“Friday, 23rd. Having no more meat than would last us 3 days [they had just killed their last ox], it was necessary to use all possible exertions to kill game, which was exceedingly scarce. For this purpose I started alone, very early in the morning, to keep some distance before the Company . . . I went about 4 miles –met the Indian who came to us last night — obtained a little provision made of acorns — got an Indian boy to pilot me to his house. [I wonder how they communicated with the Indians.] He took me down the most rugged path in all nature — arrived on the banks of a river at least 3/4 of a mile perpendicular from where I started with him — found no more provision, continued down the river . . .
The mountains, which walled in the stream, were so steep that it was with great difficulty I scaled them — having in one place come within an inch of falling from a craggy cliff down a precipice nearly a fourth of a mile perpendicular. 4 long hours I labored before I reached the summit — proceeded directly to intercept the trail of the Company. Mts. covered with the largest and tallest pines, firs, &c., thick copses of hazel &c. — travelled till dark over hills, dales, crags, rocks, &c., found no trail — lay down and slept.”
You would think that Bidwell would take someone else with him, but he doesn’t seem to have heard of the buddy system. His idea was to range around looking for game to shoot, then rejoin the Company further down the trail. Needless to say, he never found any game, and the others weren’t doing much better. In Echoes of the Past he says:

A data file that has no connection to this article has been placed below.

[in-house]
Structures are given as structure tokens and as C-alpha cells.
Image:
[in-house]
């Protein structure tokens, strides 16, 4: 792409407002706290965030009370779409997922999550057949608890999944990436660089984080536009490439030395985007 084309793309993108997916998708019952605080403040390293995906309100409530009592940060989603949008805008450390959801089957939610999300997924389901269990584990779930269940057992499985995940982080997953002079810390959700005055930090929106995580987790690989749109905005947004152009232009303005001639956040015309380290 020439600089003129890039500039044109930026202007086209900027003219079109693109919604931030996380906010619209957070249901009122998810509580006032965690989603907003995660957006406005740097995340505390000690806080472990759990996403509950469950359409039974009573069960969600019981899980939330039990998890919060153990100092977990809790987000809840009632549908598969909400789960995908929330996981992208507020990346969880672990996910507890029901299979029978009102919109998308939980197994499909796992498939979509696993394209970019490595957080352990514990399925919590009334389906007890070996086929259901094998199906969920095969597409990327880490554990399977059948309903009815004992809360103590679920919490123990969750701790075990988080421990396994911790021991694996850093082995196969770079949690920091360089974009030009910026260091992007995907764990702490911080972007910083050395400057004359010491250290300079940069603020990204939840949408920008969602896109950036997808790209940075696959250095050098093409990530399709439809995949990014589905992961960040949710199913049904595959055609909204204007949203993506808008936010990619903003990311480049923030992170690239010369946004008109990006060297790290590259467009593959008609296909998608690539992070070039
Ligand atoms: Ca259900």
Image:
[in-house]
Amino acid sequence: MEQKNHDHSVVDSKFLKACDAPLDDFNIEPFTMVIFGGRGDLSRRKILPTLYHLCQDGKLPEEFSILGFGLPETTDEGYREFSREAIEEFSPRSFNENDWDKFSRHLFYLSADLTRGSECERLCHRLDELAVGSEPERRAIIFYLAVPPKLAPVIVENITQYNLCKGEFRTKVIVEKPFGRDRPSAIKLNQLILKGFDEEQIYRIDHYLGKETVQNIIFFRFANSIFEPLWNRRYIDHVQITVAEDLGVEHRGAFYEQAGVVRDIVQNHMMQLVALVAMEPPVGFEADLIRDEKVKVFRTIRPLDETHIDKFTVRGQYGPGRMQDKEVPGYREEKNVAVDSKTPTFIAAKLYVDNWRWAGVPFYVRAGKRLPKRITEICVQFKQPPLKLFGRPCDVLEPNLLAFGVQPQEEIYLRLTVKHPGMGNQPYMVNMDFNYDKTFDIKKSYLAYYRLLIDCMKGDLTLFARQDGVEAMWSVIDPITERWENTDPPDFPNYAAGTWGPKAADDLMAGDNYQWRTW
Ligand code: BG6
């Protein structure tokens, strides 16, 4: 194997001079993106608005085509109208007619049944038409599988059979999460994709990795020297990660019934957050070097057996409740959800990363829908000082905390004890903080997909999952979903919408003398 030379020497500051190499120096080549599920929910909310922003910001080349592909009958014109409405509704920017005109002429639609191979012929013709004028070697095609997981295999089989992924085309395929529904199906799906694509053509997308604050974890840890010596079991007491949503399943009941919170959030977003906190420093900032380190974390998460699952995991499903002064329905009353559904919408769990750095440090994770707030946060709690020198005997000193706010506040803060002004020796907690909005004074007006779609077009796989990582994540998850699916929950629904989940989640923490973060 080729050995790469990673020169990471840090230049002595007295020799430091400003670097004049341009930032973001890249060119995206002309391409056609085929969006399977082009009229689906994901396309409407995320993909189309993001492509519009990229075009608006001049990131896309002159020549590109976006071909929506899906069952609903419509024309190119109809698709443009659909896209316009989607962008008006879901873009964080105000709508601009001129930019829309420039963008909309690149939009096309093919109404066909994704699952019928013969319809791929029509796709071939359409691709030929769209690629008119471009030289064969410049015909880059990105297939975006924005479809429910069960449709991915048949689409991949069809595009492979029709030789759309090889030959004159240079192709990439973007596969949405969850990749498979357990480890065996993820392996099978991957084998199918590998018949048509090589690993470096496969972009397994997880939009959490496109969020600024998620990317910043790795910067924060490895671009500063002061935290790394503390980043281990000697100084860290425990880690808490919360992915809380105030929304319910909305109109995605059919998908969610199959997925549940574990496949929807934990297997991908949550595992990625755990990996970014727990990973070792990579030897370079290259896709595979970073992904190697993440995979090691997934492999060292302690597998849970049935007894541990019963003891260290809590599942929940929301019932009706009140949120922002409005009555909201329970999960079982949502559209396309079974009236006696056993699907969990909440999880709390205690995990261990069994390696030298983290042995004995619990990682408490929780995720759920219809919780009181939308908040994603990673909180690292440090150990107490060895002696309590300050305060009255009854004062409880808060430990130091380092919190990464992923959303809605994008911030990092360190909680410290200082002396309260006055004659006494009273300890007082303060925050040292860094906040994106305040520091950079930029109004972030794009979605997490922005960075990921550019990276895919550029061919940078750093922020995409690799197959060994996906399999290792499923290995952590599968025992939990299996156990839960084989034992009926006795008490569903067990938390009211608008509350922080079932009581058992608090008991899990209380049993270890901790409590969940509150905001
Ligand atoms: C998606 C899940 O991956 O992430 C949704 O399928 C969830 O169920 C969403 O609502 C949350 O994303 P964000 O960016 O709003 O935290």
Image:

“When we killed our last ox [on the 22nd] we shot and ate crows or anything we could kill, and one man shot a wildcat. We could eat anything.”
Although he found no game, he did make a fascinating discovery.
“Just at dark I came to an enormous fallen tree and tried to go around the top, but the place was too brushy, so I went around the butt, which seemed to me to be about twenty or twenty-five feet above my head. This I suppose to have been one of the fallen trees in the Calaveras Grove of Sequoia gigantea or mammoth trees, as I have since been there, and to my own satisfaction identified the lay of the land and the tree. Hence I concluded that I must have been the first white man who ever saw the Sequoia gigantea, of which I told Fremont when he came to California in 1844.” (Echoes of the Past)
Bidwell always considered himself the first white man to lay eyes on the giant sequoias, and many years later he proudly showed Annie the grove where he had spent a cold and sleepless night. But he was not actually the first. That honor goes to Joseph Walker and two others who came across them while exploring the Sierras for Bonneville in 1834.